Commentary: We have done our homework on library project |

Commentary: We have done our homework on library project

Sandy M. Foley

Homework, timelines, mapping, transparency. These words, often associated with education and with current governmental concerns, can be applied to the library’s journey from wishful thinking to pending reality.

When the idea of a new library was being formulated, a city-wide survey was conducted to ascertain what kind of facility the community envisioned. Data was mapped, meetings were held and a strategic plan was formulated. The Library Board set up advisory groups and invited experts to speak before its televised meetings.

The board also commissioned a space needs assessment document that accounted for the use of every square foot in the new library, which will ultimately guide us to a state-of-the-art building that meets demands long into the future. We have looked at any and all options available for land and buildings, always keeping the financial ramifications and options in mind.

Because the library is and will always be a presence in the community, board members, staff, friends and the Library Foundation have worked with anyone and everyone who has been receptive to our dream. We have visited libraries throughout the state and the country and have joined with city managers, supervisors and business project developers to find the best fit for Carson City.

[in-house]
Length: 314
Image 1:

We have been on committees, worked with the Board of Supervisors, served with Downtown Redevelopment and the Downtown Consortium, and made our aspirations known in print and nonprint media.

We have done our homework and were poised and ready when the opportunity arose to become an integral part of the Carson Nugget Development Project.

Our homework, timeline, planning, transparency, financial stewardship and commitment have served us well, and we are ready to work with all parties to build toward what Carson City can be and not become mired in malaise.

It has been said that this development will burden future generations with tax consequences. How can a library, a public transit hub, a plaza, public parking and investment in cutting edge, high paying technology jobs (the public part of a public/private partnership) be considered a burden?

The burden is the status quo and a future that is questionable at best.

• Sandy M. Foley is vice chairperson of the Carson City Library Board of Trustees.